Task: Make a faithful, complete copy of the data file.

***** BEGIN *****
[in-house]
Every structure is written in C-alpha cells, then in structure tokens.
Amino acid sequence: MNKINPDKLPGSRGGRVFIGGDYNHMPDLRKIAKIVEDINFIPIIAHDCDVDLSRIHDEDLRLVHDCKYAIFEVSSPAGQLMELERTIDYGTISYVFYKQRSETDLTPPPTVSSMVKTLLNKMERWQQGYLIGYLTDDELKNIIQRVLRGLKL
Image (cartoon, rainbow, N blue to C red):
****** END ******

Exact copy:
[in-house]
Every structure is written in C-alpha cells, then in structure tokens.
Amino acid sequence: MNKINPDKLPGSRGGRVFIGGDYNHMPDLRKIAKIVEDINFIPIIAHDCDVDLSRIHDEDLRLVHDCKYAIFEVSSPAGQLMELERTIDYGTISYVFYKQRSETDLTPPPTVSSMVKTLLNKMERWQQGYLIGYLTDDELKNIIQRVLRGLKL
Image (cartoon, rainbow, N blue to C red):